We’ve watched him grow from a boy to a man, transform his physique, refine his swing, push to demand more of himself. His training regimen has challenged the PGA tour, his competitors now lift and diet and stretch to keep up with Tiger’s own growth. But that mental toughness continues to distance him from his rivals.

Years ago, competing for Stanford in the NCAA golf championships, Tiger came to Ohio State to play The Scarlet, the tougher of OSU’s two 18 hole courses. I was always more comfortable on The Gray, their less demanding circuit because The Scarlet is one bear of a course! Speaking of which, we should remember that OSU’s alumni include John Cook, Tom Weiskoff and The Golden Bear, Jack Nicklaus, considered by many to be the greatest golfer of all time.

My father, then retired from his latest posting as Director of International Studies at OSU (and an avid club member) had volunteered to serve as a marshal that day for the tournament.

Earl Woods had accompanied his son to that event, as usual and for eighteen holes my father and Tiger’s father walked and talked and enjoyed the competition. I have a golf cap, autographed by Tiger to remember that encounter, a souvenir from my father I still cherish.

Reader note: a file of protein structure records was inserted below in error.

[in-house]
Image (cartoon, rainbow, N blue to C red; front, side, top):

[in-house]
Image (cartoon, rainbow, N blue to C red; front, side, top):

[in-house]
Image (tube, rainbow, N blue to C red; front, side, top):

I struggled with my fathers passing for some time. I am very much the man I am today because of his guidance and example. But I still miss my father. I miss sharing my successes and failures with him. I miss his rich laughter and his warmth.

The image of Earl Woods I will remember is the embrace of his son one afternoon at Augusta, both dressed in Tiger’s traditional Sunday red, sharing and celebrating his fourth Masters victory. The moment is iconic, a hug connecting every father with every son.

Tiger will continue his golfing dominance. He will contend with the absence of that fundamental presence in his life. And I suspect he will continue to share his future accomplishments with his father but now, in a more spiritual way. Being a son means eventually accepting that transition. But for him this is a defining passage. He is his father’s son. Tiger has always had my admiration but today I share his sense of loss.

3 May 2006